CDFIs fuel social and economic progress

Bank of America is committed to supporting innovative lending and investing practices to fuel social and economic progress. We’re connecting more than 260 community development financial institutions (CDFIs) to more than $1.5 billion in capital, as well as philanthropic support to help cover operating costs. CDFIs use our capital to finance affordable housing, small businesses, child-care centers, health-care clinics, and other economic development programs, supporting individuals and communities who may not qualify for traditional loan products.

Promoting affordable housing

Veterans Village (a Nevada-based nonprofit organization that provides transitional and permanent housing for U.S. Veterans) received financing from Clearinghouse CDFI to acquire an additional 204 units of affordable housing that will be leased at an affordable monthly rate to homeless veterans in a severely distressed area of Las Vegas.

Connecting women entrepreneurs to capital

Stevie Howell, an artist and textile designer, turned her passion into a business of wearable works of art. She received a loan from Opportunity Fund as part of the Tory Burch Foundation Capital Program, resulting in hiring her first employee and promoting and marketing her business and designs.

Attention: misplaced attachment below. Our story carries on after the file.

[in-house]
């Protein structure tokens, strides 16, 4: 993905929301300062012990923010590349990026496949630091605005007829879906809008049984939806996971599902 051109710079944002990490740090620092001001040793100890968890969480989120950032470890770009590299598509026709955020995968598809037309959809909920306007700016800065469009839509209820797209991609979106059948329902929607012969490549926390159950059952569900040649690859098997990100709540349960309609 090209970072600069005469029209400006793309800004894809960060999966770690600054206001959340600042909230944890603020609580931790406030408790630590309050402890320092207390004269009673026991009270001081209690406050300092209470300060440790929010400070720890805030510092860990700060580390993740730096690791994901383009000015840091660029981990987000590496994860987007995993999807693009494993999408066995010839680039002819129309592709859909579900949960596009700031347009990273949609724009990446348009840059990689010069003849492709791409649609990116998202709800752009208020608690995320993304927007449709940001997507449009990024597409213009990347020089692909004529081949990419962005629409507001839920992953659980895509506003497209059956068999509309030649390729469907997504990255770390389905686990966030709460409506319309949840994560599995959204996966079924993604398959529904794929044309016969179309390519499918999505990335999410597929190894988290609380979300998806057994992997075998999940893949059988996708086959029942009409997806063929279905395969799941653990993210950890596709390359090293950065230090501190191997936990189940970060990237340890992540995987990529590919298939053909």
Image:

Delivering clean water & sanitation

WaterEquity, an innovation of, launched a social impact investment Fund (WaterCredit Investment Fund 3) to invest in microfinance institutions and enterprises serving the water and sanitation needs of the world’s poor. This new Fund (including a zero-interest loan from Bank of America) will reach 4.6 million people in South and Southeast Asia with safe drinking water and/or sanitation.

Fostering economic development

Financed with a loan from Chicago Community Loan Fund and part of Urban Juncture, the Bronzeville Cookin’ project will provide four local restaurants, a rooftop farm, and several other complementary enterprises with a shared sustainable-rehabilitated building in Chicago’s Bronzeville neighborhood. The culinary incubator spurs economic growth, and celebrates the diverse cuisines, cultures, and communities of people of African descent.

Supporting energy efficiency

Craft3 provided a homeowner in Portland with capital to fund energy-efficiency projects. The homeowner used the loan to upgrade her 1913 home, including sealing the basement and attic, insulating the walls and installing a new water heater and two heat pumps, resulting in 30 percent energy savings.

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